Free speech and tolerance: enemies or allies? An examination of American vs. European approaches to free speech
Despite sharing a commitment to liberal democracy American and European attitudes differ sharply on freedom of expression. As oppossed to America's First Amendment European conceptions of free speech co-exists with so-called hate speech laws criminalising hateful or derogatory expressions targeted at specific groups. The question of the limits to free speech has become all the more relevant in a globalized world where cartoons or videos produced in one country may inspire violent reactions in countries far away with serious repercussions for international relations. Jacob Mchangama discusses the merits of different approaches to free speech and argues thatfree speech is the precondition for tolerance in diverse societies as well as for peaceful international relations in a globalized world.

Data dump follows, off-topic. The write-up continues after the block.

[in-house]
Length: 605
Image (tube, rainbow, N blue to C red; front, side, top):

About Jacob Mchangama
Jacob Mchangama is a human rights lawyer specialized in civil and political rights including a special emphasis on freedom of expression. Through his work at the independent think tank CEPOS in Copenhagen Jacob has managed to increase the Danish public’s focus on basic freedoms whether in relation to anti-terrorism, freedom of expression and the protection of private property and his work is credited with contributing to the defeat of several bills and influencing the amendment of laws. He has been appointed as an expert witness at parliamentary hearings at the Danish parliament Folketinget. In 2010 Jacob co-founded the Copenhagen based network Fri Debat, for which he acts as spokesperson, committed to the protection of freedom of expression.
In 2010 Jacob was named the most influential Danish public intellectual under the age of 40 - and the 9th most influential Danish Public intellectual overall - by Danish newspaper Politiken.